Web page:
Haematopoietic stem cells (HSCs) are rare blood stem cells that can give rise to all the different cells of the entire blood system and sustain the adult needs. Our research focuses on understanding how these rare cells first develop in the growing embryo and understand the environment that keeps them alive and preserves their functionality into adulthood.
Haematopoietic stem cell (HSC) transplant is a life saving therapy for people with blood cancers or bone marrow failure. We can generate patient-specific HSC -ike cells in the laboratory which can greatly help with donor shortage and mismatch. We are exploring how these cells compare to those collected from a donor and if they could serve as an alternate source of blood stem cells for transplants.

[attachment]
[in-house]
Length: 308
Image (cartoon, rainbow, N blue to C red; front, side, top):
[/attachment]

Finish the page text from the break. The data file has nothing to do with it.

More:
reNEW Melbourne’s PIs Andrew Elefanty and Elizabeth Ng and their teams have developed a protocol which yields blood stem cell-like cells from human pluripotent stem cells.
In this image, pink blood cells are being born from the surface of the green parent orgaoid body. Only specialised areas of the green organoid body turn pink, allowing blood cells to develop.
Ritika Saxena, Andrew Elefanty’s lab, MCRI, reNEW Melbourne.